Yeppoon (Queensland) gets pretty hot in February, so Arthur Hunt and his wife decided to go on a road trip to visit family in Tasmania in 2021. It’s 2,600 km away. Not only would the distance be an issue, but there was a Covid-19 outbreak in New South Wales and Victoria, through which they would have to travel. So, Tesla tripping to Tassie would be quite the adventure.
A bit of research showed that there are 42 Tesla Superchargers along the highways, plus many fast chargers installed by state governments, local government, and motoring and commercial organisatons. In addition, there are over 700 slower 22 kW Tesla destination chargers installed in motels and shopping centres throughout Australia so that drivers can charge overnight or during extended shopping sessions. Naturally, the motels with chargers would be top of his list when making bookings. So, he did not anticipate any problem charging the Tesla during the trip down south.
The state borders were opened and hopefully would stay that way for the return trip at the end of February. They left home with a nearly full charge and 317 km of range. On the first day, they used the Bruce Highway chargers at Miriam Vale, Gin Gin, and Childers and reached the caravan park at Nanango with 58 km of range left. They plugged into an external power point on the cabin and added 165 km of range overnight — there was no charge for this. This was sufficient to get them to Toowoomba, 140 km away. There, they used the Tesla Supercharger at the golf club to get a nearly full charge while they had a cup of coffee. They headed down the New England Highway for Armidale and were pleasantly surprised to be able to use the NRMA 50 kW charger at Tenterfield free of charge to add 226 km of range during lunch. They arrived at Armidale with 86 km of range left and again took advantage of an NRMA charger while they stayed there with friends for two nights.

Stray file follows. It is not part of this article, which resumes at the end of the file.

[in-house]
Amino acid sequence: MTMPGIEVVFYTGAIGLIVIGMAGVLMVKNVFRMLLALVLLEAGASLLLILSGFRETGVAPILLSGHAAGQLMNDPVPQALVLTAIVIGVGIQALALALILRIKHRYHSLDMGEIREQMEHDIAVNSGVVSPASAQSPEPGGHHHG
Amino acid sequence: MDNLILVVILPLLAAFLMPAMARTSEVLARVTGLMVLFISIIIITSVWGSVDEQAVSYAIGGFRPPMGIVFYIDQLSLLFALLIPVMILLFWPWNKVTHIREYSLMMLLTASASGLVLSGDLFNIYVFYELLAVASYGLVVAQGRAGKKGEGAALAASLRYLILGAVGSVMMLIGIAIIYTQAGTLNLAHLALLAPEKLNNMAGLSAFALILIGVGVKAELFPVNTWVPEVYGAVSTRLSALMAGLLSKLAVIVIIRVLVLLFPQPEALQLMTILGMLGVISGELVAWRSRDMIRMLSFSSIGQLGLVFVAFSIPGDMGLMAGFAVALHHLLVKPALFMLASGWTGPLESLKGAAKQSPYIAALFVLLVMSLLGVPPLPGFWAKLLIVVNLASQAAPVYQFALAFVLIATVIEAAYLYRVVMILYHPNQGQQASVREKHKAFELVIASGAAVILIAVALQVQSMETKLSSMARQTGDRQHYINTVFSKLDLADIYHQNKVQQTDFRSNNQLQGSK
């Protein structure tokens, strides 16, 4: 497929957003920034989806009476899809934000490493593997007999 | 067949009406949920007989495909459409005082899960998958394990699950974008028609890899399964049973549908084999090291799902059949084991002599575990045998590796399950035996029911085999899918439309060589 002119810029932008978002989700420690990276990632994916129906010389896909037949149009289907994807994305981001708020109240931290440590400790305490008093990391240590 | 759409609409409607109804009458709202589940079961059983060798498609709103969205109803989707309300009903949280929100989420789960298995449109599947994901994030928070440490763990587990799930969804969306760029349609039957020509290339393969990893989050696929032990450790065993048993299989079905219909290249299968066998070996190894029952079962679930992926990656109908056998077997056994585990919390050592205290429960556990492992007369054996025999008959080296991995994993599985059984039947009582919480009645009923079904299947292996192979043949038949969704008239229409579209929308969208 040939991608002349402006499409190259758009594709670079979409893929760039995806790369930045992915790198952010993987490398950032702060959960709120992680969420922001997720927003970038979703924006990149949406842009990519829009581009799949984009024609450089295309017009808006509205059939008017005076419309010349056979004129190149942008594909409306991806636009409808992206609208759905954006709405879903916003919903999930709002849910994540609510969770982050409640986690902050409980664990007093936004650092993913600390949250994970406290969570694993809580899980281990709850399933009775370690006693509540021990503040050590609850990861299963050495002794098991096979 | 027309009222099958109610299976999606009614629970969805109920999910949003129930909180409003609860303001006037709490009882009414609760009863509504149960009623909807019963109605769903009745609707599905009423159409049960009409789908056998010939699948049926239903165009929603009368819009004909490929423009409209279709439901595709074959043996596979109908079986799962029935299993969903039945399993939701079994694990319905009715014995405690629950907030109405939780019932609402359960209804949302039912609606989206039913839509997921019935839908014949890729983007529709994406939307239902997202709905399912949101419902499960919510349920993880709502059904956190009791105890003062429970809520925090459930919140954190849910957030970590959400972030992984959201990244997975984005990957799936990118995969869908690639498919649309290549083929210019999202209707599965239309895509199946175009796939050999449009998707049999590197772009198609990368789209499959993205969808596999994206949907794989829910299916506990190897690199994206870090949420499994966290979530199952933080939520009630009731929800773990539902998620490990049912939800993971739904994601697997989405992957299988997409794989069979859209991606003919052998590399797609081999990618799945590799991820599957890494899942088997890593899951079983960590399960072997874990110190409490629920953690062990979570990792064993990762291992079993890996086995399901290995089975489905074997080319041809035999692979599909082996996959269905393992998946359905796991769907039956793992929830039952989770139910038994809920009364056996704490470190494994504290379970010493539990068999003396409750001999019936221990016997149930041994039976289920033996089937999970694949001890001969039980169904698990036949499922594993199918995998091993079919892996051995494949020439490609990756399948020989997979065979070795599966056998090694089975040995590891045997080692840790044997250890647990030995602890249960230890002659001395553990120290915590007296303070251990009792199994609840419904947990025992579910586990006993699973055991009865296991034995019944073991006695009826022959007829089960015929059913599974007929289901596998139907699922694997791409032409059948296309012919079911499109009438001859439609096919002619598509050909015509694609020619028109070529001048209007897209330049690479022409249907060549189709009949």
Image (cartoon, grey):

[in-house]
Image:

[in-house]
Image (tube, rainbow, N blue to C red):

He doesn’t expect the NRMA chargers will remain free for long, just as the Queensland Electric Superhighway chargers started free and are now a pay-as-you-drive proposition. Will RACQ install chargers in regional towns in Queensland?
On their next leg, they drove to Bathurst, with charging stops using NRMA chargers at Tamworth, Scone, and Mudgee. They arrived at Bathurst with 63 km of range left but found five Tesla Superchargers and one NRMA charger next to the tourist information centre. Perhaps they are getting ready for electric cars in the races at Mount Panorama! At one of the Tesla Superchargers, it took only 40 minutes to add 260 km of range, which cost $17.86.
They found using adaptive cruise control and autosteer reduced the effort required and ensured that they kept to the speed limit. The lack of engine noise meant that it is easy to go too fast if cruise control is not engaged. As they passed through towns, the car usually recognised the speed limit signs and automatically adjusted its speed, down and then up again.
They drove through some heavy rain and gained more confidence that the car would continue to steer accurately even when the road was difficult to see. The cruise control also ensured that a collision would be avoided if a slower car ahead was obscured.
In the first three days of driving, they have covered 1,450 km without any problem. Planning the charging to coincide with meal breaks and overnight stops meant that there were no significant delays. The variety of charge points was not an issue, as it didn’t matter to the car where the electrons came from. Having reached Bathurst, there was no hesitation in continuing even further on the Tesla trip to Tassie.
Appreciate CleanTechnica’s originality? Consider becoming a CleanTechnica Member, Supporter, Technician, or Ambassador — or a patron on Patreon.